Lectures: MW, 2:30 - 3:45, 308 Stanger.
Teaching Assistants: Theo Slepski,
and Nick Falcone
are the teaching assistants. They will help you in lab, and check
your programming assignments.
Lab and Help Sessions: The lab in 308 Stanger is open for your use anytime there is no class being held there. There will be help sessions with the TAs every Tuesday and Thursday from 7:00-9:00. You can also meet with the TAs or myself privately.
Goals: To learn how
computers work, from the technical issues associated with
programming computers (software) down to the inner workings of the
electronic components (hardware). Emphasis is placed on
gaining personal experience by programming graphically through
Logo. This is not a course about how to work with
computers. It is a course about how computers work.
You will not learn how to use the most popular software products
on the market. You will learn how to build programs and how
the computer makes those programs work.
Texts: (Optional) Computer Science Illuminated, 6th edition, by Dale and Lewis, Jones and Bartlett Publishers, 2016, Paperback. The text is a good reference for general computer science, and a nice coffee table book, but the coverage is broad rather than deep. You can get by without the text if you take good notes and work hard. There is also an online Logo text, free for personal use.
General Education Objectives:
Exams: There will be one
midterm (20%) and one final examination (30%). The final
will be on Tuesday, May 8, 11:00 AM, Duffy 220.
Groups: All assignments, quizzes and the project will be done in groups of three people who will work together the whole semester. Everyone in each group gets the same credit. The idea is to promote discussion and experimentation in problem solving. You should immediately organize yourselves into groups. If you cannot find a group yourself, I will find one for you.
Assignments and Quizzes: Homework assignments will be weekly. There will also be a number of in-class quizzes/assignments. Together these are worth 30% of your grade.
Resources and Lecture Notes:
All the programs we do in class are available in a shared
folder called "LogoStuff" under F-ssimonson\LogoStuff\. The
folder contains other useful things you can download. To
access the folder, go to
Logo Versions: We are
It runs on both PCs and Macs. Stonehill has a $20 discount
code (Stonehill1718) if you want to purchase a personal copy so
you can work away from school.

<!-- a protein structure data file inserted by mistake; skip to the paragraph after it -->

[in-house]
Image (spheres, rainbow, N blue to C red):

How to Submit an Assignment:
All programs should be saved in a single file with your group
members' names listed in the comments. You should submit your
programs via ELearn into the appropriate "dropbox." For the
longer programs, please indicate which procedure is your "main"
procedure, i.e., the one used to start the program.
Project: There is a
programming project that is due at the end of the semester and is
worth 20% of your grade. The project, like all the homework
assignments, is done in groups. There will be a standard
project handout, however any group is welcome to design their own
project of comparable difficulty with my help and approval.
Each group will demo their project to me before the final, and
then email me the final version. Do not submit your project
Grading: There will be one midterm (20%) and one final examination (30%). The project is 20% and your assignments/quizzes are 30%. You can guarantee an A- or better with 90%, a B- or better with 80% etc. I may curve these numbers in your favor, if I feel it is warranted.
Special Dates: Friday,
April 6 will be a lab day. There will be no lecture due to
Introduction, Terminology, Overview: Hardware, Software, and Systems
Introduction to Logo Programming: Graphics, Input/Output, Selection, Repetition, Procedures,
Tail Recursion, Event Driven Programming. Tracing a program by hand.
Advanced Logo Programming: Program Design, Algorithms, Data Structures, and Recursion.
|Chapters 6.5, 7.6, 8.4
||Wednesday, March 14|
Hardware: Another View of the Computer - Circuits and Machine Language
Files, Operating Systems, The Internet: How do Computer Networks Work? A Practical Discussion.
|Chapters 10.1, 11.1, 15.1, 15.2
Artificial Intelligence: Do Computers Think? Will They Ever?
Alan Turing's AI Article
Lab Work, Project Presentations, and Review